Astrostatistics Image Penn State University Eberly College of Science Center for Astrostatistics Center for Astrostatistics

 Home | People | Partners | VOStat | | StatCodes | Data & Tutorials | Events | Bibliographies


SDSS quasar dataset

The CASt dataset


Astronomical background

Most or all large galaxies have a massive black hole (MBH, 106-109 Mo solar masses) at the center. Gas from the interstellar medium or a disrupted star may fall onto the MBH through an accretion disk ("to accrete" means "to fall onto"). This accretion disk can become exceedingly hot and can eject a jet of material at relativistic (near the speed of light) velocities. The disk and jet radiate light across the electromagnetic spectrum (radio, infrared, visible, ultraviolet, X-ray, gamma-ray) with great efficiency. In most galaxies today, like our own Milky Way Galaxy, the MBH is starved of gas and little light is produced.  In other galaxies, like Seyfert galaxies or radio galaxies, the light is very strong, particularly in spectral bands other than the visible band where the stars of the host galaxies emit most of their light. In rare cases called quasars, the light from the accreting MBH exceeds the starlight in all spectral bands by enormous factors. These are the brightest objects in the Universe and can be seen even at high redshifts (i.e. great distance from us).

The spectrum, variability and (when resolved in telescopes) structure of quasars are studied in detail to understanding the complex processes of accreting MBHs and their environs.  But an important subfield studies consist of wide-field surveys for quasars and characterize their bulk properties such as brightness in various spectral bands, redshifts, and luminosities. Such survey and photometric (brightness) studies lead to classification of quasar subtypes (e.g. Type I, Type II, radio-loud/radio-quiet, BAL, BL Lacs, Lyman-alpha dropouts), to measurement of the quasar luminosity function (distribution of luminosities), and to cosmic evolution studies (how the population changes with redshift).

For many years, quasar surveys produced rather small samples of 101-103 objects. But the Sloan Digital Sky Survey (SDSS) (York et al. 2000) is performing a unique wide-field photometric and spectroscopic survey leading to a well-defined sample of 104 quasars with very precise photometric measurements in five visible bands and accurate redshifts.  Some of these also have radio, infrared and X-ray detections from other surveys.  The photometric properties from the first SDSS Data Release quasar catalog (Schneider et al. 2003) have been extensively discussed by Richards et al. (2002), Hall et al. (2002), Ivezic et al. (2002), Vignali et al. (2003), Reichard et al. (2003), Pindor et al. (2003), Richards et al. (2003), Pentericci et al. (2003), Zakamska et al. (2003), Wu et al. (2004), Fan et al. (2004), Hopkins et al. (2004), Weinstein et al. (2004), Richards et al. (2004), Collinge et al. (2005), Yip et al. (2005), Yahata et al. (2005), Zakamska et al. (2005), Chiu et al. (2005), Kitsionas et al. (2005), and Vanden Berk et al. (2005). The newer quasar catalog offered here is several times larger than the earlier one and has not yet been studied in detail.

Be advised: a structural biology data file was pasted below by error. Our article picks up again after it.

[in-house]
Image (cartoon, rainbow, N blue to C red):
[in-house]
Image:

Below are two examples of multivariate relations that were found in the earlier dataset by Weinstein et al. (2004).   The first shows the nonlinear relationship between the (u_mag - g_mag) color index and redshift.  The second shows the non-Gaussian distribution of quasars in the (g_mag - r_mag) vs. (u_mag - g_mag) color-color plot. 

.  .


The SDSS team has recently produced a catalog of 46,420 quasars from its 3rd Data Release, 95% of them previously unknown. The development of the catalog is presented by Schneider et al. (2005).  The dataset offered here is called SDSS_quasar.dat has all 46,420 rows but omits some technical columns. The 23 columns included are: